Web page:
Could a worker who is holding a grudge be working there?

The easiest explanation is that it was a call from a ghost.
What doesn't seem to fit is this...
Our sister Virginia would be in a better place,
and not still suffering after death.

If I get another blocked number call on our private line,
I am going to pick it up.

Jack Blanchard

Jack Blanchard & Misty Morgan



Grammy Nominees. Billboard Duet of the Year.
Home page: http://jackandmisty.net.
Facebook: http://facebook.com/jackandmisty.
Email: jackandmisty@gmail.com.
VIDEOS: http://youtube.com/jackandmisty


Thursday, February 11, 2021

Jack Blanchard's Column,February 11, 2021


 
Thousands of readers around the world

THE TEAR

There's something about a photograph.
Many people believe that having your picture taken steals some of your soul.
I look at pictures of friends and relatives who have died,
and I can see that soul, especially in the eyes,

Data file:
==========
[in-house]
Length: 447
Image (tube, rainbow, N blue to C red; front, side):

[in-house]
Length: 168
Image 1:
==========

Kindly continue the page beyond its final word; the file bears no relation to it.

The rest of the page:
the expression, and even the body language.
I have a picture of my mother
taken at a holiday gathering during her later years.
She was smiling, and seemed to be in the Christmas spirit.

I've looked at that picture many times,
but a few weeks ago, I enlarged it,
and thought I saw something.

I hit the 200% button, made it really big,
and zoomed in on her face.
The smile was still there,
but in her eye I saw something unexpected:
A tear.

I sat back in shock and took a deep breath.
What could she have been thinking?
Was it a tear of joy or sadness?
Did she know that it may be one of her last family moments?
I asked her that question aloud,
but the photograph didn't answer.

I'm sure we were all enjoying the moment together,
but at the same time, taking it for granted.
You always think there will be many more.
Now I realize my mother was not taking that moment for granted.

I keep going back to look at the photo,
even though it's burned into my mind,
and my heart.

When I discovered the tear behind her smile,
I had tears to match hers.
We spoke to each other beyond the limits of time and space.
There is soul in a photograph.

Jack Blanchard 
 
 

 Jack Blanchard 
Misty Morgan



Grammy Nominees. Billboard Duet of the Year